His job in Burt Reynolds movies like Cannonball Run seemed to be twofold- act nuts, and crack Burt up.

As a gluttonous Ceasar in Mel’s History of the World Part One.

And of course, Silent Movie with Mel and the great Marty Feldman.

2 Comments

Filed under Editorials, Film/TV

Stand Up Wit… Greg Giraldo

giraldo-roast

I’m not a big fan of Larry the Cable Guy– I don’t dislike him, I just don’t find his shtick hilariously funny – but if Comedy Central is going to roast someone, I’m watching. The Comedy Central roasts are modeled after the classic Friar’s Club events as well as the Dean Martin Celebrity Roasts – as ribald (or more) as the former and as accessible as the latter. And although the honorees are fairly easy targets (Pamela Anderson, William Shatner, Flavor Flav, etc.) there are always a decent array of comedians taking their shots and a few performances that have you falling out of your chair. The roaster’s basic job is to take the podium, insult everyone else on the dais and finish by skewering the honoree. Few are better at this than Greg Giraldo

Giraldo is a law school graduate, which shouldn’t surprise anyone familiar with his acerbic and cerebral wit. I never saw his short-lived television series Common Law, but I’ve seen enough projects centered around edgy comics  to know that network television in 1996 could never have handled what Giraldo was probably hoping to dish out. Outside of a couple of sound bytes (probably from his Howard Stern appearances) my first immersion into Giraldoworld was probably Tough Crowd with Colin Quinn, the late, great comic round table that aired on Comedy Central for two seasons. Quinn’s format was loose, a hot topic free-for-all where the bad jokes aired right alongside the good ones. Giraldo was among the most frequent guest panelists along with Jim Norton, Nick DiPaolo and Patrice O’Neal.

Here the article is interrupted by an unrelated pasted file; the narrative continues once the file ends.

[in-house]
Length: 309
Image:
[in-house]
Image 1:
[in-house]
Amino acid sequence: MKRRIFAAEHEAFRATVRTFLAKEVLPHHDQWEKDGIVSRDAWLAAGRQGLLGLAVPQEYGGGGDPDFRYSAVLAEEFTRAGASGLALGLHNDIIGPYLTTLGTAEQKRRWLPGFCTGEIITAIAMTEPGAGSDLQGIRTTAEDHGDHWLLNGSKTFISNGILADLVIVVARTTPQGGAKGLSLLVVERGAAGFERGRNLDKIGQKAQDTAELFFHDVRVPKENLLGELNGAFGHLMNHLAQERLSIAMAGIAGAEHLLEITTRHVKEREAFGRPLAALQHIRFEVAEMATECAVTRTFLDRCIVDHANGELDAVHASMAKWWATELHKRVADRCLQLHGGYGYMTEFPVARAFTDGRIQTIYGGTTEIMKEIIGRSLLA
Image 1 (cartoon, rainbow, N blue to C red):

Tough Crowd was crude, rude and loud, and the comics often talked over and ganged up on one another; definitely not a show for everyone. But it was clear that Giraldo was fearless and funny, and had the show not been abruptly cancelled, it might have become his springboard to fame. After initially promoting the program, Comedy Central turned its back on it; one wonders what would have happened had the network spent even a fraction of the dollars it threw at Dave Chappelle, and later, Carlos Mencia. Giraldo was eventually offered his own show which didn’t make it to air, and later hosted Friday Night Stand-Up (later Stand-Up Nation) which allowed him to get a few short bits in-between recorded broadcasts of comedy specials on Comedy Central. These days you’ll find him guesting on the aforementioned roasts, appearing as (irony alert) a lawyer on Root of All Evil, or a popular guest on the late night talk show circuit. His two half-hour comedy specials are must-sees and air frequently on cable.

Giraldo continues to be one of the most underrated comics in the business; despite his success on television and as a live performer, he doesn’t get the respect or the high profile he deserves. I don’t understand why – he’s hysterically funny, smart as a whip and lightning fast on his feet.  Late in 2006 he finally released his first comedy CD titled Good Day To Cross A River. The hilarious live show features many of his best classic bits along with a slew of (then) newer material. It’s a perfect testament to his performance style; sharp social observance (Bruce, Carlin) tempered more by incredulous exasperation than anger (Lewis Black without the foaming mouth). I highly recommend that you buy a copy of this…you’ll be quoting lines from this album for a long time.

And Greg, it’s time for a new one!

"You ain't from around here, are ya boy?"

"You ain't from around here, are ya boy?"

Giraldo roasting Cheech and Chong (along with TCM‘s Robert Osbourne and Tommy Chong’s wife). “Cheech met Chong in Canada where Cheech went to avoid the draft. Wow…you’re the first Mexican ever to leave the country illegally….”

Giraldo dissects Larry the Cable Guy. “You’ve been inside more farm animals than Purina!”

The classic LazyBoy collaboration, “Underwear Goes Inside The Pants“.

***

1 Comment

Filed under Comedy, Features and Interviews, Reviews